In my book “Belonging” I write about a tapestry of the threads of forgiveness and how that made meaning of my life. In fact, the title of the book could have been “Letters of Forgiveness”.
The night my mother passed away, following her courageous long battle with cancer, something passed between my soul and hers. It was divine grace. A whisper from God in the stillness of the night, her sometimes ragged breath, the only sound to puncture the dark night sky outside.
But you see at that time I was so full of my own torment of “not being good enough” that it got in the way of me reaching her, I couldn’t truly love her as I wanted to back then because I despised myself so much.
I had slipped into the demons of constant achievement – looking for validation, for approval, in my desperate search for affirmation. And in the dark stillness of the night, she forgave me for being the complex child, the apparent rebel, the one that caused despair and concern. The outsider.
Following that fateful night was to become a time of great forgiveness.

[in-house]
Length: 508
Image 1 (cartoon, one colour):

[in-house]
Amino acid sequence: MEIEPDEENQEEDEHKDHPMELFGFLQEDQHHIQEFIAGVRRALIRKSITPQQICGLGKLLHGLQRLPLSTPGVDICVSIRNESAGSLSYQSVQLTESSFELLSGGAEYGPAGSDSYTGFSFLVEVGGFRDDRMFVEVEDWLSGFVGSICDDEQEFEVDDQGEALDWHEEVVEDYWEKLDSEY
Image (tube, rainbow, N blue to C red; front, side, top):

God was in the room that night.
But it was only later, after the scorching of my soul in the balm of forgiveness, that I would finally forgive myself.
I finally forgave myself for the looping patterns of “never being good enough” and the havoc it caused in the constant chatter of my mind.
The self-derision and self-judgement suffocated my mind. It clogged the arteries of my soul; it dulled my senses. I lived in constant fear of what people thought of me. I tried so hard, but I was so self-absorbed I was trying to do everything perfectly.
Now I live in grace. The grace of forgiveness. Some days it’s hard. When you really feel you “messed up” and you have to absorb and embrace the wisdom of this learning and forgive yourself for the anguish you caused yourself and others.
God was (on the floor with that night.